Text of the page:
After yesterday’s positive dog park experience, I was really looking forward to our training session today – and it was a really good one.
Gail is almost as good as our great trainer back in Maine, Diana Logan of Pet Connection Maine. I mean, who can beat someone who has not one, but two, extremely well-behaved Standard Poodles? And to top it all off, loves Max to pieces? OK, I’m biased… but that does not lessen the fact that Diana is an amazing trainer.
So, Gail reinforced some of the things Max and I learned early on with Diana – things like clicking/treating when he turns in my direction, getting him to touch an offered hand for a click and reward, playing hide-and-seek and rewarding him for coming.
He’s a willing worker, and a fast study so he was zipping between us in no time as we called him back and forth. As a matter of fact, he was bounding to Gail any time she said his name and a command (partly because she had different treats from me and he liked them, but also because he recognizes someone who “speaks dog!”)
She gave us a homework assignment for the week to work on getting him to pay more attention to me by playing games, playing hide-and-seek, using toys as well as treats to reward him. Basically, reconditioning him to focus on me, and reconditioning me to be consistent and to keep him engaged at all times.
She also gave me some insights into why recall can “fail.” If your dog doesn’t consistently come when called it can be because he has perceived it as “punishment” and that could be as simple as taking him away from smelling something like a bush or a tree. What to us seems like a reasonable request may appear to the dog as punishment or deprivation of a pleasant experience (sniffing new spots, for example).
I told her how sometimes at home when we are at Mariner’s Park, as we get a certain distance from the car, he will run off and refuse to come near me. That’s because he doesn’t want our play to end.
She gave me some good tips on how to keep him coming, without spoiling his fun. For example, when I leash him up to go to the car, keep playing games with him – a tug toy, ball, touch and reward, etc. – so that the playtime is extended and he doesn’t feel deprived.
All in all, a great session, and I look forward to working with him this week on our assignment, and returning next Monday for another class.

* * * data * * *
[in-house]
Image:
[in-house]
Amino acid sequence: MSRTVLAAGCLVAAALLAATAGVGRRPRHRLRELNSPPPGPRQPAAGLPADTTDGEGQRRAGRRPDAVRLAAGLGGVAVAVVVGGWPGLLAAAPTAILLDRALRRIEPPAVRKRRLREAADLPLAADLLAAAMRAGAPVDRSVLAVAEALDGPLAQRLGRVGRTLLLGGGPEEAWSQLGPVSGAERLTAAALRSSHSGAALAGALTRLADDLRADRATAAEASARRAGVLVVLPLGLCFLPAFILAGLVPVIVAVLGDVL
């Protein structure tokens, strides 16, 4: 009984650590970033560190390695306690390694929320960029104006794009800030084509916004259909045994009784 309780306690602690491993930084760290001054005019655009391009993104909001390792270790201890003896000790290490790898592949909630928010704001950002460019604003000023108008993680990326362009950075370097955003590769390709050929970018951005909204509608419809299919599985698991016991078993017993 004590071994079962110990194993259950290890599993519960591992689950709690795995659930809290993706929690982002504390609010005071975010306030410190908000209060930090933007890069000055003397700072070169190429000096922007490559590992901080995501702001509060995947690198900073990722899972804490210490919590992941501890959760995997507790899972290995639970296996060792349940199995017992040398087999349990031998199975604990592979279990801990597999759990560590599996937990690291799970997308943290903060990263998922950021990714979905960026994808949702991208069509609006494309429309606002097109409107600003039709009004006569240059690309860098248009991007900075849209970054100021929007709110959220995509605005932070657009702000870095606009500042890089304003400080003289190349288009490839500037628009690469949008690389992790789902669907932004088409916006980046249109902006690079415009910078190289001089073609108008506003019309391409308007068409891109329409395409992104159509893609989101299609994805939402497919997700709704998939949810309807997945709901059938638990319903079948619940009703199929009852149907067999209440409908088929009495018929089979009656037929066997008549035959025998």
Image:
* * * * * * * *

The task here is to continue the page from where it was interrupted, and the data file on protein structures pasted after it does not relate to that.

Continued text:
After that, we went to the vet… Seems Max still has some healing to go. The stitches are staying in longer – the vet says they are self dissolving and not to worry about them. He still has a little swelling around the larger cut on his head.
The two big road rash scabs are another matter. Seems the one on his shoulder is doing okay, and will more than likely continue to heal on its own. The one on his back, according to the doc, is “dead” and may need to be debrided. If so, he will need to be put out while they do it, and may need stitches.
We are returning in a week for a followup, and in the meantime, I have a spray antibiotic/cortisone to use on the scrapes every 12 hours to help them heal. I’m hoping that the one on his back heals up on its own and my guy doesn’t need more procedures.
We took a walk around the neighborhood this afternoon, and there were two young boys, maybe 10 years old, in the park about a block away. They came over to meet Max – “Is that a poodle? Is he or she friendly?” Then “What happened to him?” When I told them he was hit by a car, they gave him a LOT of sympathy.
We spent a fun 10 minutes talking while they patted Max, and asked me what tricks he could do. Most of the time, (after greeting the boys enthusiastically) Max sat patiently by my side.
I showed them some of his tricks like “BIG UP!” where I say that and he springs straight up in the air off all four feet. They liked that one a lot.
Max shook hands all around, and we headed off for home again.
And that is Monday in a nutshell…